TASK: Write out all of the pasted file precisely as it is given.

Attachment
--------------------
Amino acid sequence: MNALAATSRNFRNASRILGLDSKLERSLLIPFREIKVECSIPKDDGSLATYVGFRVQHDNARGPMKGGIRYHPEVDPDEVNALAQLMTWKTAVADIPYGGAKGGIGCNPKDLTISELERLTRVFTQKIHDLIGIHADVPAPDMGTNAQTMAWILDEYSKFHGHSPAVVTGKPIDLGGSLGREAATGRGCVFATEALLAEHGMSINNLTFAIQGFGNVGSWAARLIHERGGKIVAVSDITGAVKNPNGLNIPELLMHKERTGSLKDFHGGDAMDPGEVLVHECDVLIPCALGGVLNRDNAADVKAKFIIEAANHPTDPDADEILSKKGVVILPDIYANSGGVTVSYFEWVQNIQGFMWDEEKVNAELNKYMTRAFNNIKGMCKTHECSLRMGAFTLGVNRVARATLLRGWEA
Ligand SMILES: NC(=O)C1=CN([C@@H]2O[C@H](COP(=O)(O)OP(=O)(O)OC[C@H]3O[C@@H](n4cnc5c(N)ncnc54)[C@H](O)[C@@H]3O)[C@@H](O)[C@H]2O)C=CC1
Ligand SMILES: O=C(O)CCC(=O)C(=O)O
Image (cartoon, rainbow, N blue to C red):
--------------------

Amino acid sequence: MNALAATSRNFRNASRILGLDSKLERSLLIPFREIKVECSIPKDDGSLATYVGFRVQHDNARGPMKGGIRYHPEVDPDEVNALAQLMTWKTAVADIPYGGAKGGIGCNPKDLTISELERLTRVFTQKIHDLIGIHADVPAPDMGTNAQTMAWILDEYSKFHGHSPAVVTGKPIDLGGSLGREAATGRGCVFATEALLAEHGMSINNLTFAIQGFGNVGSWAARLIHERGGKIVAVSDITGAVKNPNGLNIPELLMHKERTGSLKDFHGGDAMDPGEVLVHECDVLIPCALGGVLNRDNAADVKAKFIIEAANHPTDPDADEILSKKGVVILPDIYANSGGVTVSYFEWVQNIQGFMWDEEKVNAELNKYMTRAFNNIKGMCKTHECSLRMGAFTLGVNRVARATLLRGWEA
Ligand SMILES: NC(=O)C1=CN([C@@H]2O[C@H](COP(=O)(O)OP(=O)(O)OC[C@H]3O[C@@H](n4cnc5c(N)ncnc54)[C@H](O)[C@@H]3O)[C@@H](O)[C@H]2O)C=CC1
Ligand SMILES: O=C(O)CCC(=O)C(=O)O
Image (cartoon, rainbow, N blue to C red):